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Sugar is old news in 2019, which means artificial sweeteners are more popular than ever. Low calorie but still super sweet, these sugar alternatives are particularly popular with people who want to eat in a way that supports their fit lifestyle. But are the benefits too good to be true?

There’s a lot of talk about the supposed side effects of artificial sweeteners, from increased weight gain to grave health risks. So what is the truth?

What are artificial sweeteners?

According to the Mayo Clinic, artificial sweeteners are are synthetic sugar substitutes. Some of the most common artificial sweeteners are aspartame, sucralose and acesulfame K. You might have also heard about “natural” sweeteners, such as stevia, erythritol and monk fruit.

While every sweetener is different, one thing they have in common is that they’re all low calorie. That’s why they’re used in diet foods, such as soft drink.

Many of these sweeteners are found in high-protein food products, including protein powder and bars. Ever wonder why Quest bars taste so good? It’s because of all the sucralose!

Are artificial sweeteners dangerous?

Sweeteners’ low-calorie status means they’ve long been championed as healthy alternatives to sugar. But are they as healthy as we think?

The biggest concern about artificial sweeteners is that they carry a cancer risk. These worries stem from research conducted on rats in the 1970s. Fortunately, further, more thorough research conducted since then has shown no link.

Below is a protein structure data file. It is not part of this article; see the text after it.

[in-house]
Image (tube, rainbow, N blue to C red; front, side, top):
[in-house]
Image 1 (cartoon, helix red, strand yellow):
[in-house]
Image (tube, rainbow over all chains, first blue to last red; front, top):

However, recent research suggests that some artificial sweeteners may have a detrimental effect on gut health— and not just in regards to digestion.

A study conducted on mice — which have very similar DNA to humans — found that not only did artificial sweeteners affect their metabolism, but had toxic effects on their gut microbes.

Having an imbalanced gut microbiome could have a negative impact on everything from immune function to vitamin production. In fact, the gut is directly linked to the brain, which means anything that harms your gut microbes could affect your mental state.

Can artificial sweeteners be part of a healthy diet?

Different sweeteners have different effects on the body, and some of these effects can be negative. But the issue of whether they fit into your diet or not depends entirely on your health priorities and goals.

For example, maltitol — a sugar alcohol — can spike your blood sugar. If you’re eating a ketogenic diet, consuming maltitol will throw you out of ketosis. Even keto-friendly sweeteners, such as erythritol, have been reported to cause stomach upset in some people.

Some people claim that consuming sweeteners makes them crave sweet foods even more. In fact, a study conducted on rats using the sweetener saccharin found that the rats were so addicted to saccharin that they chose it over highly-addictive cocaine.

If you’re trying to kick your sugar addiction then it might be better to quit the sweet stuff altogether— at least until your palate readjusts.

Despite this, many people are still able to incorporate sweeteners into their diet as a way to avoid sugar and keep their weight down with great success. But don’t forget that some sweeteners do have a negative effect on your microbiome, which is incredibly important to your overall health.

If you want to avoid artificial sweeteners but can’t give up the protein treats, try to go for brands that use natural sweeteners like stevia or monk fruit. Better yet, buy unsweetened protein powder and use your own sweetener of choice.

Or just keep buying that sucralose-sweetened protein powder because let’s be honest, cookies and cream-flavoured protein powder is life.

Did you know we sell protein shakers? Now you can enjoy your protein powder of choice and represent NC Fitness no matter where you are! Get in touch to see what other accessories we sell for your fitness lifestyle.

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